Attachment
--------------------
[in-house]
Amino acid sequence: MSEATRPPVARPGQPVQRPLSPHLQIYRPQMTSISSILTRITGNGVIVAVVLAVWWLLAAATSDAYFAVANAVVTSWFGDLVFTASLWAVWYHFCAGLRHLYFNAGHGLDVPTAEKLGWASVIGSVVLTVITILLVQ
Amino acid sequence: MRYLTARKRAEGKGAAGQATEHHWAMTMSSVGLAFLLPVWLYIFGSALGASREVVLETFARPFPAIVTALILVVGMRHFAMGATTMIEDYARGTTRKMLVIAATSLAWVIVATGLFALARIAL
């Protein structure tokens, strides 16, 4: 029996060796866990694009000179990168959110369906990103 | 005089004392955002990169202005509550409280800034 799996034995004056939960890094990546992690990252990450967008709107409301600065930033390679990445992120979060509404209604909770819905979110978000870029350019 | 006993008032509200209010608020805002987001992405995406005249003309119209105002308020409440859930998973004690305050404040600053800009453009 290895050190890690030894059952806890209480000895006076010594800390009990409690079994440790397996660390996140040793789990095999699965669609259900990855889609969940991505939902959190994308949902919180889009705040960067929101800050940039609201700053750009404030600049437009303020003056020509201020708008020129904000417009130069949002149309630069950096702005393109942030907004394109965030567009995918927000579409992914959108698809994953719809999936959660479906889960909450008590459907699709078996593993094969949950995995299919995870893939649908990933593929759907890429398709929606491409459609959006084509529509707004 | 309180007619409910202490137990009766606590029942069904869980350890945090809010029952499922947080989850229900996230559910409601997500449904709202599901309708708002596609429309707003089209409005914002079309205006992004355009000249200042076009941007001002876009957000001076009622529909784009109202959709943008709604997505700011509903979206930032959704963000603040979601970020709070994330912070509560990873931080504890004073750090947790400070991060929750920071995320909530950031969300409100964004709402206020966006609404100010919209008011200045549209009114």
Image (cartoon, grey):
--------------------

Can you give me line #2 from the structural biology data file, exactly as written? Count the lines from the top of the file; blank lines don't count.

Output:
Amino acid sequence: MSEATRPPVARPGQPVQRPLSPHLQIYRPQMTSISSILTRITGNGVIVAVVLAVWWLLAAATSDAYFAVANAVVTSWFGDLVFTASLWAVWYHFCAGLRHLYFNAGHGLDVPTAEKLGWASVIGSVVLTVITILLVQ